Trump lawyer complained he wasn't reimbursed for $130K payment to porn star - report

At some point after President Trump's personal lawyer, Michael Cohen, wired $130,000 to adult film actress Stephanie Clifford (whose stage name is Stormy Daniels), the bank he used flagged the transaction and reported it to the Treasury Department, the Wall Street Journal reported Monday, citing a person familiar with the matter. Further, the WSJ also reported that Cohen grumbled about that fact that he was never repaid. 

The Journal reported that Cohen wired the money from First Republic Bank in October, and it was received on Oct. 27, 2016, just 12 days before Election Day. The WSJ's source also said that Cohen had missed two deadlines to pay off Clifford because he was unable to reach Mr. Trump. The Journal reported in January that Cohen paid Clifford the money to stop her from publicly discussing an alleged sexual relationship between her and Mr. Trump.

In February, Cohen told CBS News that neither the Trump Organization nor the Trump campaign "was a party to the transaction with Ms. Clifford, and neither reimbursed me for the payment."  He also said the payment to Clifford was "not a campaign contribution or a campaign expenditure by anyone." However, the WSJ also reported that after Mr. Trump won the presidency, Cohen complained to his friends that he hadn't been reimbursed for the payment to Clifford.

Reached by CBS News, the Treasury Department would neither confirm nor deny that the transaction had been flagged.

Cohen dismissed the report as "Fake News" to the Journal. On Monday, White House press secretary Sarah Sanders was asked whether Mr. Trump and Cohen talked about a payment to Stormy Daniels. "Not that I'm aware of," Sanders replied. "And I'd refer you to Michael."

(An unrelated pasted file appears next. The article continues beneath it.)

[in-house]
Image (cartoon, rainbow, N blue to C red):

The bank that received the payment from Cohen, City National Bank, in Los Angeles, sought information about the wire transfer independently, a development reported by the Washington Post. 

Clifford divulged in a 2011 interview with InTouch Weekly that she had a sexual affair with Donald Trump that began in 2006 and lasted for several months. The interview was only finally published years later -- in January. The story had been put aside, and InTouch's editor was not sure why the story had never been printed, according to the Washington Post. Although Clifford reportedly signed an agreement not to talk about the affair, once Cohen talked about the payment publicly, Clifford said she felt she was free to talk.

City National Bank launched an internal inquiry of its own about the payment a year after Mr. Davidson received the funds in his client-trust account there, the WSJ's source said. City National sought information about the source of funds wired to Mr. Davidson's account, the person said. That inquiry was first reported by The Washington Post.